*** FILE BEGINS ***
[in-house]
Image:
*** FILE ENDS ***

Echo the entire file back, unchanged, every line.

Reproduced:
[in-house]
Image: